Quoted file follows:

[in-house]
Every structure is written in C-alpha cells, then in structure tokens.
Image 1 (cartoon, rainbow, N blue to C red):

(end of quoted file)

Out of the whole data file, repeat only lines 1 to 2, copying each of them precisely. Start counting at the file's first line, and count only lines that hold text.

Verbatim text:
[in-house]
Every structure is written in C-alpha cells, then in structure tokens.